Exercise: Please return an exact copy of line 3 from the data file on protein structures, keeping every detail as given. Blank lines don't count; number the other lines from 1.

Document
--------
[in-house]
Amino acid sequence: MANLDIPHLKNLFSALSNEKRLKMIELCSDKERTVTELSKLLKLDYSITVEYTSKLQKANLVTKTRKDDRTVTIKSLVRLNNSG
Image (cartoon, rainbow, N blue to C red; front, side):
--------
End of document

Image (cartoon, rainbow, N blue to C red; front, side):